Tara Dunker

Tara Dunker

Bring up food, bodyweight, health or a host of other nutrition-related topics at your next gathering, and you’re bound to hear (or say) the word diet at least once, probably more.

What thoughts and feelings does this four-letter word bring with it?

If you’re anything like me, this seemingly harmless word evokes feelings of limitation and self-constraint, and the inevitable feeling of failure when life and personal enjoyment trump a rigid set of food rules.

While the word diet is often said with good—or at the very least, neutral—intentions, it’s worth noting that a quick Google search of “diet synonyms” gets you the following: fast, regime, regimen, restriction, starvation and weight-reduction plan.

One definition of the word diet is harmless: the daily intake of food, with synonyms like fare, nourishment and sustenance. But the other definition is the abstinence from food.

And what’s the one and only antonym listed for this definition of the word diet? Indulgence.

Talk about some joyless stats for a word used to describe what we need to do for survival, and get to do for enjoyment, multiple times every single day: eat food.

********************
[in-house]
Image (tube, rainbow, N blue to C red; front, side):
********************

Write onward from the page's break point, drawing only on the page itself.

Here’s my proposal: from this day forward, join me in ditching the word diet for good.

It’ll take some time to completely eliminate it from your vocabulary, but when you do, you’re guaranteed to feel liberated.

Take the current Dietary Guidelines for Americans, a food and nutrition report updated every five years and grounded in the most current scientific evidence, as proof that words matter.

These Guidelines state that a healthy eating pattern is not a rigid prescription, but rather, an adaptable framework in which individuals can enjoy foods that meet their personal, cultural, and traditional preferences and fit within their budget.

Notice how the word diet has been replaced with the term eating pattern? And the term eating pattern is described using lovely words like adaptable, enjoy, personal and preferences.

"But Tara, you’re a dietitian, and the title of these Guidelines start with the word dietary—both of which contain the word diet."

I get it. But these titles are relics of the 20th century, and relics have a way of sticking around—sometimes past the point of being helpful.

So please, join me in shifting the conversation.

Let’s make the 21st century one full of adaptable eating patterns (not diets) we each enjoy because they suit our personal preferences and help us reach our individual health goals.

Eating patterns for the win.

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If you have any further questions, please contact Tara Dunker at 402-223-1384, tara.dunker@unl.edu, or visit the Gage County Extension website at www.gage.unl.edu.


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